This is the first in our series of Psalms reflections for Lent.
“Create in me a clean heart, O God,
and renew a right spirit within me.
Cast me not away from your presence,
and take not your Holy Spirit from me.
Restore to me the joy of your salvation,
and uphold me with a willing spirit”
(Psalm 51: 10-12).
What are the thoughts that run through your head as you read or sing this section of Psalm 51? Do you wonder if you sing or pray them with enough contrition? Do you worry you lack a clean heart, a steadfast spirit, the joy of salvation?
When I used to sing these words, I don’t think I was ever worried about being fully cast from God’s presence, but I certainly worried I wasn’t good enough, whatever “good enough” was supposed to be. Singing this hymn, I would close my eyes tight, praying away bad behaviors and hoping God would finally scrub clean the corners of my heart. I saw my sin as final to-dos on a long list of sanctification. They were annoying roadblocks, getting in my way from becoming better and doing better.
Yet Psalm 51 is much more than this one, beautiful stanza, and tells us much more about ourselves and our sin than we would wish to be true.
At the beginning of this psalm, David laments that it is against God and God alone that He has sinned. This is interesting, especially considering the circumstances. King David has just slept with a woman who is not his wife and had this woman’s husband killed so that he could do so. Surely his sin was against others. Surely, he knows he has desperately failed at his to-do list.
It’s not that David is unrepentant of the harm he has caused Bathsheba, Uriah, and countless others. The point is that David is repenting of the sin that lies beneath these actions, the sin all of us would rather avoid. He names this sin right after in verse 5: “I was brought forth in iniquity, and in sin did my mother conceive me.”
David confesses he is a sinner through and through. This sin is even deeper than the horror of murder and deeper than the transgression of adultery because from here springs forth all unbelief, selfish behavior and deceit. Each of us shares in this sin; the sin of self-justification and disbelief in God’s promises.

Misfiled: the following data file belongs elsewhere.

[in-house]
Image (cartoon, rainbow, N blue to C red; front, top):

Each of us shares in this sin; the sin of self-justification and disbelief in God’s promises.
Our hearts don’t just need to be cleansed of our bad behaviors; they need to be cleansed from the sin in which, as fallen sons of Adam and daughters of Eve, we were conceived. Luther says it this way in his Lectures on the Psalms, “The ungodly and proud man is, first of all, the excuser and defender, the justifier and savior, of himself. For that very reason he automatically says that he does not need God as his Savior.”
As sinners, we will even use repentance as a means of self-justification. We turn the words of Psalm 51, or the practices during the season of Lent, into an announcement of how far we’ve justified ourselves through our own works and penitence. We cannot be helped from doing so.
Yet there is good news. No matter how imperfectly motivated our confessions may be, we confess with confidence that Christ has covered all our sins, even the ones we cannot see, even the sin we are born into. Forgiveness doesn’t fall out of the sky but is rooted in the death and resurrection of the one who became sin for us (2 Cor. 5:21). “It is not sufficient to know that sins are forgiven. One must also believe that they are forgiven for the sake of Christ,” says theologian Lowell Green.
Forgiveness doesn’t fall out of the sky but is rooted in the death and resurrection of the one who became sin for us.
How do we know the forgiveness begged for in Psalm 51 is ours on account of Christ?
We know because Christ tells us it is so. It is in and through Him we have forgiveness of sins (Col. 1:14), and when we believe this to be true, when we believe the words of Christ, we stop believing ourselves. The Words of Christ justify us – they tell us of the sin we have committed, the salvation we need, and the promises given only on account of the Son of God.
Psalm 51 is not just the prayer of a cheating, murdering king desperate to be justified by the one and only God. It’s not just our prayer for our sins and our hearts of disbelief. Astoundingly, Psalm 51 is the prayer of Christ Himself for us. When we fail at our repentance, when we misunderstand what it means to have a clean heart, Christ intercedes. These words become His words just as our sins became His sin. And in proclaiming these words, He gives us what we ask for.
Go, therefore, singing the words of Psalms 51, with the confidence that your iniquities are blotted out, your heart is made clean, and your lips are opened to declare His praises. Not on account of your tightly shut eyes nor on account of your dedicated fasting, but purely on account of Christ crucified, resurrected, and singing, for you.